Though their personalities have been very different, every cat we’ve had over the years has loved to snuggle.

Bella adores couch time and comes running from the far reaches of the house when she sees us walking toward the living room. Buster bestows a crescendo of purrs upon us when he knows he’s about to get a belly rub. Emily loved early-morning snuggles and showed her pleasure through the series of purr-chirps she had graced us with since she was a kitten.

Our Tommy-cat, brother to Emily, loved to be the little spoon, while Nikoli the Scientist (the one-time senior statesman of the “notorious five” kitty gang) happily piled onto the couch with my husband and me, and any other cats who were burrowing under the blankets with us.

Bella even GIVES belly rubs. She crawls right up and kneads our soft stomachs while gazing deeply into our eyes. It’s simultaneously adorable and disconcerting.

Bottom line: Physical affection is important (and there’s something to be said for a good belly rub).

#6: Feeling cranky? Don’t underestimate the power of alone time (and a nap)

Cats can sleep pretty much anytime, anywhere, but Buster, in particular, needs time away from the rest of the family. He has several hiding spots throughout our house, usually involving one of the guest rooms or the carpeted part of my husband’s third-floor studio.

I followed him up there the other day and he reminded me of a teenage boy as he flopped onto the floor and meowed at me. “Aw, Ma — you’re encroaching on a kitten’s swinging bachelor pad.”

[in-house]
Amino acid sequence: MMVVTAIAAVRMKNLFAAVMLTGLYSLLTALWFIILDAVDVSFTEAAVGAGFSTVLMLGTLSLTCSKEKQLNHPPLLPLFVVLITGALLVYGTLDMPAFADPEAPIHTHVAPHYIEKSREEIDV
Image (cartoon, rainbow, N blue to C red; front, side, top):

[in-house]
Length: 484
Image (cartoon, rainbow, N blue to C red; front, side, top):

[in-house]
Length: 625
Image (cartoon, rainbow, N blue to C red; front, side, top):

For whatever reason, that cat needs his space. He’ll come back downstairs a couple of hours later, ready to chat and cuddle, but meanwhile, he just wants to be left alone. I think most of us can relate.

Bottom line: We all need “me” time, and it’s ok to take it.

#7: Find your happy place

When it comes to creating a space that makes us happy, we could all take a lesson from cats.

After all, they don’t need luxury. They can find comfort in an old takeout box, a sink, or the kitchen mat where I want to stand while doing dishes. They’re perfectly satisfied with the tattered old chair in the living room. They’ll flop down in the middle of the kitchen, too, when I’m trying to cook, because that space has everything they need — food, comfort, and people.

Bottom line: Our happy place doesn’t have to cost a lot of money, as long as we imbue it with what’s important to us.

We’ve covered communication, boundaries, attitude, emotions, physical affection, alone time, and environment.

While relationships are complex and have many other components, I’d wager we could all improve our connections with the people in our lives by following these simple tips, sent to you with love from the Dillon family cats.

“A cat has absolute emotional honesty: human beings, for one reason or another, may hide their feelings, but a cat does not.” — Ernest Hemingway

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I live and write in Northeast Ohio, about everything from food to mental health, pets to relationships, music, art, and sports. My articles usually have a personal slant because I believe we as a society and as individuals grow stronger through truth-telling and connection.

Cleveland Heights, OH